As I have been corresponding with people who are on the fence about gentle discipline, it hit me that God is a relational God. Everything He does is to get us to become closer to Him. That’s why it makes me sad that so many Christians believe that He does bad things “for our good.” That doesn’t make us feel closer to Him unless we have some sadomachistic tendencies going on in us.
When it comes to disciplining our children, I find myself covering the same issues with punitive parents who just don’t understand what discipline really is. So I am going to cover it again here.
Discipline looks at the whole child instead of focusing on behavior. When you understand the child and where he/she is in his/her development, you can set appropriate limits and figure out the whys behind behavior. Children are so much more than a set of behaviors or “sins.” They are complicated, competent human beings that need our guidance. They are new to this world and have immature brains and bodies. This should not be used against them, but it often is.
Going from using external control such as spankings, time-outs, and taking away privileges in an arbitrary way to using internal motivation by meeting needs, setting limits, allowing natural consequences of choices to happen, validating feelings, allowing appropriate choices, giving alternative appropriate behavior and/or ways of expressing feelings, using time-in to settle down with the children and connect instead of isolating them is tough. It takes a lot of work and patience.
We use the Fruit of the Spirit A LOT when we choose to discipline rather than punish. But this is true discipline. To grow heathy fruit, we must cultivate it, water it, and give it plenty of sunshine. We must also do our best to protect it from the enemy, usually bugs and other animals. We don’t beat the sprouts and fruit as that would ruin it. So why do it to our children by beating them?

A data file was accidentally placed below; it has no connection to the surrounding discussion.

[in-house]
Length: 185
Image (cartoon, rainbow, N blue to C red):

God is a relational God, so using discipline is focusing on keeping our relationships intact with our children. You may think that your relationship with your children is fine despite using punishment, but it isn’t what it could be as all children want to please their parents. They may behave out of fear instead of out of respect. We want our children to behave because it is the right thing to do! We want our children to have healthy relationships with others and with God. Only true respect can teach children respect. We must model respect to our children by respecting them and other people! They are learning from our actions more than our words
Also, I am sure I have covered this in other posts, but I know people learn through repetition too so I will cover this again. Fear and respect mean two totally different things.
The definition of fear is “a distressing emotion aroused by impending danger, evil, pain, etc., whether the threat is real or imagined; the feeling or condition of being afraid.”
The definition of respect is “esteem for or a sense of the worth or excellence of a person, a personal quality or ability, or something considered as a manifestation of a personal quality or ability.”
Notice fear contains the word “evil” in its definition but respect doesn’t. And throughout the Bible God tells us to NOT be afraid. Therefore, to be reverent means to respect, not afraid.
Since God is a relational God, shouldn’t we do everything in our power to treat our children in a manner that produces a healthy relationship with us? We work hard to have good marriages by treating our spouses with love and respect. Why should it be any different with our children? God is over us and yet He calls us His friends (John 15:15, James 2:23, Romans 5:10). May we treat our children how God treats us.